In this sense, Big Touch is kindred with the recent Afro-Surrealism movement coming from artists like Boots Riley and Hiro Murai (director of music videos This is America, Black Man in a White World, etc.). From D. Scot Miller’s manifesto, “Afro-Surrealism is about the present. There is no need for tomorrow’s - tongue speculation about the future. Concentration camps, bombed-out cities, famines, and enforced sterilization have already happened. To the Afro-Surrealist, the Tasers are here. The Four Horsemen rode through too long ago to recall.”
This is what makes Big Touch magic. It’s all happened. All that matters now is transformation. These COVID pandemic years will be remembered as a time of global suffering during which touch became a risk. Big Touch presciently addresses the importance of transformation through empathy, through touch, by having the courage to say, “I feel you.””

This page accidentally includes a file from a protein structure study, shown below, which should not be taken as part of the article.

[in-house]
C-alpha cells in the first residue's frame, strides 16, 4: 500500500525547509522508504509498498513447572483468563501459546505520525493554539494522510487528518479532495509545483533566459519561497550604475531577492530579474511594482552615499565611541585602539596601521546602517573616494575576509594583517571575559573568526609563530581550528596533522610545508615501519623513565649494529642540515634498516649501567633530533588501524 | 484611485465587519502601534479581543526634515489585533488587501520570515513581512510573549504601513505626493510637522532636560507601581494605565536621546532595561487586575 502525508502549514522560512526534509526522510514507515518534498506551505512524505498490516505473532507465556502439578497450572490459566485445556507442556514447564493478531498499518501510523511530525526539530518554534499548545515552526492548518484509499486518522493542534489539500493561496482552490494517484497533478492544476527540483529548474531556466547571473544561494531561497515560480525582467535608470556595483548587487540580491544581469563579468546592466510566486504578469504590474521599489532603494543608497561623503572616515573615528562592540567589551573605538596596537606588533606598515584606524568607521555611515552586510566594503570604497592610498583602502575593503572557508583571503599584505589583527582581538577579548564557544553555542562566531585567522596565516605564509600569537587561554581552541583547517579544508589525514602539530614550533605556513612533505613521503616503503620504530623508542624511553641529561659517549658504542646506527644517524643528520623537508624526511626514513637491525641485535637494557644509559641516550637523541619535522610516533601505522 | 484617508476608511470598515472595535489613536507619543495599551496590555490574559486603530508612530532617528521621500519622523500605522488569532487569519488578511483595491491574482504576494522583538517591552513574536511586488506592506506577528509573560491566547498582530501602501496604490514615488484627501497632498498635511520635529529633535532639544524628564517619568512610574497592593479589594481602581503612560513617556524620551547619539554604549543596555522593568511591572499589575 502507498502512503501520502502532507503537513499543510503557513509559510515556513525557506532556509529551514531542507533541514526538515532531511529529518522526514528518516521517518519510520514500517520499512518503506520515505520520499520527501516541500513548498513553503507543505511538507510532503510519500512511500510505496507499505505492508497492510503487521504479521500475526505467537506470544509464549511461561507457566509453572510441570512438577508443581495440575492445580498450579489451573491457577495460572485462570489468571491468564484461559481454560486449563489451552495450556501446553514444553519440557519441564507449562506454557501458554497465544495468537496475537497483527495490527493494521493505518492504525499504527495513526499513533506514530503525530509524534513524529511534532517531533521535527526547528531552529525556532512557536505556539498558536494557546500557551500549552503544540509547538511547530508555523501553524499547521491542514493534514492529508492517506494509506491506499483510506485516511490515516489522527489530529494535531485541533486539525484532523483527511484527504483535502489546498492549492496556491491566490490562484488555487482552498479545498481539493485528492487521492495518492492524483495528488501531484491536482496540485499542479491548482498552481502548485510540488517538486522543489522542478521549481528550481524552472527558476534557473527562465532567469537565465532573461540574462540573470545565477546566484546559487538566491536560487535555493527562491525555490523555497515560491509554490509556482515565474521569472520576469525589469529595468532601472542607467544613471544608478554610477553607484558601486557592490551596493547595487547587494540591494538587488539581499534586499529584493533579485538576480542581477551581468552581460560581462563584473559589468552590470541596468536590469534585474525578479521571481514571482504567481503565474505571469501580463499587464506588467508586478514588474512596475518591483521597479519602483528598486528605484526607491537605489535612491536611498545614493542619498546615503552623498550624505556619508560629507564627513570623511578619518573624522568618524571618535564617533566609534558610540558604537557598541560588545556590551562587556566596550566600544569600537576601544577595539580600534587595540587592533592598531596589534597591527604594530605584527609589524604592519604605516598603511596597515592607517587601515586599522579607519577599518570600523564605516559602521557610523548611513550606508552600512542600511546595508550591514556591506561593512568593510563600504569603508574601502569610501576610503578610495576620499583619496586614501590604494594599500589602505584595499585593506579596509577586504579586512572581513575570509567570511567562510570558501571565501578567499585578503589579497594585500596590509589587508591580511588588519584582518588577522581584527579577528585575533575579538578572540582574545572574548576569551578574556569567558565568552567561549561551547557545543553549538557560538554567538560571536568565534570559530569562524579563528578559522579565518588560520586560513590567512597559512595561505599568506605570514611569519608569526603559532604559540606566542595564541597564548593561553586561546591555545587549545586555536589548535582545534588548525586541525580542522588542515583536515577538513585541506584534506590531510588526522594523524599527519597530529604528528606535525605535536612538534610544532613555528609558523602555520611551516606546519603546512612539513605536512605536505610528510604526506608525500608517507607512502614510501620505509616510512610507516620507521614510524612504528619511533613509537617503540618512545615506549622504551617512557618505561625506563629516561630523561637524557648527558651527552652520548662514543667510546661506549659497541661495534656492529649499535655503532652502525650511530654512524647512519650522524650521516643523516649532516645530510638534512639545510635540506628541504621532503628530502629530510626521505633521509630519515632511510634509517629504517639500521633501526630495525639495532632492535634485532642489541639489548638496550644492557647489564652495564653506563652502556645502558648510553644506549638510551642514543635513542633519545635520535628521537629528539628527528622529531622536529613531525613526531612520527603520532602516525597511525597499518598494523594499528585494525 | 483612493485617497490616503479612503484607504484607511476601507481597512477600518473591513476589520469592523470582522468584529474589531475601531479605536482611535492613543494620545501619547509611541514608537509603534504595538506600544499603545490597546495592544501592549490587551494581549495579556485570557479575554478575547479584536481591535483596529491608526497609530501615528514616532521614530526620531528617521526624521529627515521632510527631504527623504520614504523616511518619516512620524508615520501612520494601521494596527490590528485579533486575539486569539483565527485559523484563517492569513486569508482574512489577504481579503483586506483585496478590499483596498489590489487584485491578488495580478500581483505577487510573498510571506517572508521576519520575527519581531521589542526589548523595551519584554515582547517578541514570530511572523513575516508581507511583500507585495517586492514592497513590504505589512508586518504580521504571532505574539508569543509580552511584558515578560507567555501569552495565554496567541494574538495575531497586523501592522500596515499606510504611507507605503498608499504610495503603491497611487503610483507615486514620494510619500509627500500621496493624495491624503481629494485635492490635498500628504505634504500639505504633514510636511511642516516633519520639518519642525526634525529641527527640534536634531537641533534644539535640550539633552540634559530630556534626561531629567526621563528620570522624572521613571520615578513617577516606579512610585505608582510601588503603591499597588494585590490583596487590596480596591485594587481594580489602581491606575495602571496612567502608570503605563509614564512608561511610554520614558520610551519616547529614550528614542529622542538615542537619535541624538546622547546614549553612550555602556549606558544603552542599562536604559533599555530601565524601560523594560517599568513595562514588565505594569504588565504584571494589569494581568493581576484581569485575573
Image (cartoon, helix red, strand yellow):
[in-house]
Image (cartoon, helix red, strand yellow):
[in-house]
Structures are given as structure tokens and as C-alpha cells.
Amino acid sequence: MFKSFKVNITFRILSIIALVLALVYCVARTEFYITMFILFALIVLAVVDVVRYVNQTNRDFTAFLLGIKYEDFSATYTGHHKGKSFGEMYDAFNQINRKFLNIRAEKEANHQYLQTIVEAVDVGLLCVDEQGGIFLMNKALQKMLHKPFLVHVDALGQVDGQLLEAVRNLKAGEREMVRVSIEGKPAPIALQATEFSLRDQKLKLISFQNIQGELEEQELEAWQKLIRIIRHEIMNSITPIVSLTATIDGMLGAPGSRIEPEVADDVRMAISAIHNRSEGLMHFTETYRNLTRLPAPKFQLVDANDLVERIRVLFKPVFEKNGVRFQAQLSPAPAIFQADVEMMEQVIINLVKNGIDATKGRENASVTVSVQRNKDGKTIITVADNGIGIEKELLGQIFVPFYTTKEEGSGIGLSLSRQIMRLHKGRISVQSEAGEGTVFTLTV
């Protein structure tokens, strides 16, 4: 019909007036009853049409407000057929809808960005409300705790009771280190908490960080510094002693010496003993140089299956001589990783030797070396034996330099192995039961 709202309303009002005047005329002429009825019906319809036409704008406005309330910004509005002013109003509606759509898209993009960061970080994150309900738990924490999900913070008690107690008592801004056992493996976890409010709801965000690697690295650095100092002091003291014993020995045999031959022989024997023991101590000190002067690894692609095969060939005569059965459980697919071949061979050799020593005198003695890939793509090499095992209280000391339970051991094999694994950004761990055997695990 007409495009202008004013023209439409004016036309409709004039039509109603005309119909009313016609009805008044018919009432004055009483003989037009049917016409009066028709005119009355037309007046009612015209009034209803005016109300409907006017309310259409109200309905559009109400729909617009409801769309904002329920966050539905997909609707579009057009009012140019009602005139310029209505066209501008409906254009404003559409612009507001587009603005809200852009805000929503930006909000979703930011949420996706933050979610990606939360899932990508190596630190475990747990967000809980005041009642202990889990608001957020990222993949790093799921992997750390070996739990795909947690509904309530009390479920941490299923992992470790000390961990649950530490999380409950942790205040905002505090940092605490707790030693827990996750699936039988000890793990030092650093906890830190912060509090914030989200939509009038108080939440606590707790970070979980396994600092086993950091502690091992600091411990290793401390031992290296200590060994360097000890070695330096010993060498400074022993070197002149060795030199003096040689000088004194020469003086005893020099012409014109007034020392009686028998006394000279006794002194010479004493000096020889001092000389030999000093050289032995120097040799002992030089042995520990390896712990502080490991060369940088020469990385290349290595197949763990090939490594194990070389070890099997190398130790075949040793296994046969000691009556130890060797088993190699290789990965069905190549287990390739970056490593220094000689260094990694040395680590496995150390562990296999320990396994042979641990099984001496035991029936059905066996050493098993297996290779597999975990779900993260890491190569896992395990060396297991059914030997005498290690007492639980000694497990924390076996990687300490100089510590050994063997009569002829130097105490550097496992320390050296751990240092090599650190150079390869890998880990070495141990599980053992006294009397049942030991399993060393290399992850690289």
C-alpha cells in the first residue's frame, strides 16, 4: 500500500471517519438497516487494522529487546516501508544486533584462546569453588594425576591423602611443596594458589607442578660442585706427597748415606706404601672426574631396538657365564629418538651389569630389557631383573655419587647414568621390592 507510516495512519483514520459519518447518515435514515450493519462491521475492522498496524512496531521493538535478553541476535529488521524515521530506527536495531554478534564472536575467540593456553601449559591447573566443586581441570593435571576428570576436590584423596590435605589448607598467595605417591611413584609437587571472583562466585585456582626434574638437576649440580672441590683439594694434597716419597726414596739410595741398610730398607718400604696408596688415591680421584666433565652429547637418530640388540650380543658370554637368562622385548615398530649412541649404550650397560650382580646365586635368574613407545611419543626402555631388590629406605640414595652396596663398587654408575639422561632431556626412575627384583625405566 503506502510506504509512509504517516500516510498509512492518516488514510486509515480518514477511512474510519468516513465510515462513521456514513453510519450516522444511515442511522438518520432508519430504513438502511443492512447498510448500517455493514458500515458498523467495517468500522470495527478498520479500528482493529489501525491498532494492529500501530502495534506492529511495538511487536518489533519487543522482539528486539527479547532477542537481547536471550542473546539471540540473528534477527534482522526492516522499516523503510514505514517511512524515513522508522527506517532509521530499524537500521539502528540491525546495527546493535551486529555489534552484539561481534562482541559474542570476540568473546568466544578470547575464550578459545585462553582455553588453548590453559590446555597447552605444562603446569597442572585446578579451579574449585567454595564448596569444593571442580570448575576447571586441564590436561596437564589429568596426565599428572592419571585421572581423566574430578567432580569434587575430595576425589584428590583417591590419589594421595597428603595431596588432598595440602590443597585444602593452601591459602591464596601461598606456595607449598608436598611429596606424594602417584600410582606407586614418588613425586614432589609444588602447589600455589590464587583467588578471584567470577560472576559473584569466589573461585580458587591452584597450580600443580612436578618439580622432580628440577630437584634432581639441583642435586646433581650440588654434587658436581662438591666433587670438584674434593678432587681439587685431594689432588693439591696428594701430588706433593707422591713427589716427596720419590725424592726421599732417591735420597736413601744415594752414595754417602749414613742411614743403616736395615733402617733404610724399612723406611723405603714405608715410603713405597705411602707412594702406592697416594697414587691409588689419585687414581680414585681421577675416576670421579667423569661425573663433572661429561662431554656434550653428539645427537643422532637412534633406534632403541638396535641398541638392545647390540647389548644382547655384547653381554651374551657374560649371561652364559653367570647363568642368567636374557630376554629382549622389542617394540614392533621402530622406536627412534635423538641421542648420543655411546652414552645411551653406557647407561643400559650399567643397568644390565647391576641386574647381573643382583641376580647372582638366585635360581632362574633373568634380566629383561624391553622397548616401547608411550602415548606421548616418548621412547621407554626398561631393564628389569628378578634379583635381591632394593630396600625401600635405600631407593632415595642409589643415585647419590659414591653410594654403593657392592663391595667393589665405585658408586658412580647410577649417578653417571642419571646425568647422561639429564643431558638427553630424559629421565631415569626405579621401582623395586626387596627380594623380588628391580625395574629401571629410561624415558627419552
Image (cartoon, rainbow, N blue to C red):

iFilmFestival: What were the key challenges making it?
CT: “There were many conversations during casting about how race could impact the film but we wouldn’t know until we found the right cast. Because the film was first and foremost about the universality of empathy through touch, finding a soulful cast who could communicate that narrative was my priority. Raymond Ejiofor was the only person we looked at who not only understood the character, but could express the emotions with his body. Astra Marie Varnado, who plays Judy, our heroine, was the only one we saw who was bursting at the seams to express love. Suddenly, with Ray and Astra in place, the film took on new meaning. Years ago, I met Robert Altman at the Austin Film Festival and he said that he didn’t cast for what he wanted, he casted for what he didn’t know he wanted. So the palpability and sincerity of the symbolic narrative is evidence of trusting that process.”